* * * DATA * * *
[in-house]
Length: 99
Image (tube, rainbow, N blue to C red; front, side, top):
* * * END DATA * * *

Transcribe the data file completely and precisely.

[in-house]
Length: 99
Image (tube, rainbow, N blue to C red; front, side, top):